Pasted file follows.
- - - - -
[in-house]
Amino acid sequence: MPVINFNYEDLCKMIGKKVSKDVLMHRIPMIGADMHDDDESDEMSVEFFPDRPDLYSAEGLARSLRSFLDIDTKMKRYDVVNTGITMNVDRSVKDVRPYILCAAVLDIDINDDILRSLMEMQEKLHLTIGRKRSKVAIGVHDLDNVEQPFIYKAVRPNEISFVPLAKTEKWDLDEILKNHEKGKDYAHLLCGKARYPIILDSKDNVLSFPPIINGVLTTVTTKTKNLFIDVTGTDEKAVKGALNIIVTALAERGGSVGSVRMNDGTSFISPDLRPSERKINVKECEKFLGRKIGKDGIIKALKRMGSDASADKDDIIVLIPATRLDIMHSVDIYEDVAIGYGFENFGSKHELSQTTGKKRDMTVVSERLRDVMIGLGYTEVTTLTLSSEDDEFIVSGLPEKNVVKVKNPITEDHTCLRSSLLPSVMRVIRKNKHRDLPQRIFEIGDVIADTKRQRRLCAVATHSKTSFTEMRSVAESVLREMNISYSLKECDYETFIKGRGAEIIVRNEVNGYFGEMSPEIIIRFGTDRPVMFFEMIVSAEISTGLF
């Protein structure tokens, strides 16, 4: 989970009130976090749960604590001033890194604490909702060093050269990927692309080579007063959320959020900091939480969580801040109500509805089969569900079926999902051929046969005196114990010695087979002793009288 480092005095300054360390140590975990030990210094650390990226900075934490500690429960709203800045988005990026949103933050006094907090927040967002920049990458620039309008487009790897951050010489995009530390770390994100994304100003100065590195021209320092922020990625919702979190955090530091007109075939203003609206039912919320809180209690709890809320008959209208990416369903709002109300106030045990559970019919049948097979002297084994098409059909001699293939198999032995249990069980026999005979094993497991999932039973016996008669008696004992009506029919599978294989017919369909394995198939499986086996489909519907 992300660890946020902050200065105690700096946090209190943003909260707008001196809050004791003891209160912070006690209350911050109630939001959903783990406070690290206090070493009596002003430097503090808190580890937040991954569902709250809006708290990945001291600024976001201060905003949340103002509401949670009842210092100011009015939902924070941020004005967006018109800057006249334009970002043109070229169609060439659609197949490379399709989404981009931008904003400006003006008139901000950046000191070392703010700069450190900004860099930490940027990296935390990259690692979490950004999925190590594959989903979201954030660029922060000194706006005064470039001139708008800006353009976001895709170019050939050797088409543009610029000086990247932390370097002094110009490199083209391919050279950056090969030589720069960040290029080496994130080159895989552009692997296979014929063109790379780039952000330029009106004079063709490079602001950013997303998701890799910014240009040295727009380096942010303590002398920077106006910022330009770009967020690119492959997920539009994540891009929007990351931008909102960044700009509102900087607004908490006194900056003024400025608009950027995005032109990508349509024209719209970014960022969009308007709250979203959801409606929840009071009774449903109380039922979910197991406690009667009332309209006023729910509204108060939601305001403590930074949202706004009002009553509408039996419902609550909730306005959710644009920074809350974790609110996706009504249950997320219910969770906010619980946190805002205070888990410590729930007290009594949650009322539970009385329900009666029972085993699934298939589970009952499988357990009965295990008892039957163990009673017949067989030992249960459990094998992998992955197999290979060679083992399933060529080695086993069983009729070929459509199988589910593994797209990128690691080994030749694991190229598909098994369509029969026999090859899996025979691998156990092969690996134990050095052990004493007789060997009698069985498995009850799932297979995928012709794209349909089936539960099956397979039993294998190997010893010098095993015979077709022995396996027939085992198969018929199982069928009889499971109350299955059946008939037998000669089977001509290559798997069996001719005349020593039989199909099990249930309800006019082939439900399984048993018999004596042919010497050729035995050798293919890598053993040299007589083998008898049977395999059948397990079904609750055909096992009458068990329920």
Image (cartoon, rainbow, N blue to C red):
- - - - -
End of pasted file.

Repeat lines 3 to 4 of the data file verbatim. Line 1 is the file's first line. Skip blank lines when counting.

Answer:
């Protein structure tokens, strides 16, 4: 989970009130976090749960604590001033890194604490909702060093050269990927692309080579007063959320959020900091939480969580801040109500509805089969569900079926999902051929046969005196114990010695087979002793009288 480092005095300054360390140590975990030990210094650390990226900075934490500690429960709203800045988005990026949103933050006094907090927040967002920049990458620039309008487009790897951050010489995009530390770390994100994304100003100065590195021209320092922020990625919702979190955090530091007109075939203003609206039912919320809180209690709890809320008959209208990416369903709002109300106030045990559970019919049948097979002297084994098409059909001699293939198999032995249990069980026999005979094993497991999932039973016996008669008696004992009506029919599978294989017919369909394995198939499986086996489909519907 992300660890946020902050200065105690700096946090209190943003909260707008001196809050004791003891209160912070006690209350911050109630939001959903783990406070690290206090070493009596002003430097503090808190580890937040991954569902709250809006708290990945001291600024976001201060905003949340103002509401949670009842210092100011009015939902924070941020004005967006018109800057006249334009970002043109070229169609060439659609197949490379399709989404981009931008904003400006003006008139901000950046000191070392703010700069450190900004860099930490940027990296935390990259690692979490950004999925190590594959989903979201954030660029922060000194706006005064470039001139708008800006353009976001895709170019050939050797088409543009610029000086990247932390370097002094110009490199083209391919050279950056090969030589720069960040290029080496994130080159895989552009692997296979014929063109790379780039952000330029009106004079063709490079602001950013997303998701890799910014240009040295727009380096942010303590002398920077106006910022330009770009967020690119492959997920539009994540891009929007990351931008909102960044700009509102900087607004908490006194900056003024400025608009950027995005032109990508349509024209719209970014960022969009308007709250979203959801409606929840009071009774449903109380039922979910197991406690009667009332309209006023729910509204108060939601305001403590930074949202706004009002009553509408039996419902609550909730306005959710644009920074809350974790609110996706009504249950997320219910969770906010619980946190805002205070888990410590729930007290009594949650009322539970009385329900009666029972085993699934298939589970009952499988357990009965295990008892039957163990009673017949067989030992249960459990094998992998992955197999290979060679083992399933060529080695086993069983009729070929459509199988589910593994797209990128690691080994030749694991190229598909098994369509029969026999090859899996025979691998156990092969690996134990050095052990004493007789060997009698069985498995009850799932297979995928012709794209349909089936539960099956397979039993294998190997010893010098095993015979077709022995396996027939085992198969018929199982069928009889499971109350299955059946008939037998000669089977001509290559798997069996001719005349020593039989199909099990249930309800006019082939439900399984048993018999004596042919010497050729035995050798293919890598053993040299007589083998008898049977395999059948397990079904609750055909096992009458068990329920």
Image (cartoon, rainbow, N blue to C red):